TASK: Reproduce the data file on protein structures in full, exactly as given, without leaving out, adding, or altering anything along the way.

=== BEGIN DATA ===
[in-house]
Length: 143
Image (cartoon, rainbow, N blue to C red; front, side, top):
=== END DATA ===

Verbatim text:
[in-house]
Length: 143
Image (cartoon, rainbow, N blue to C red; front, side, top):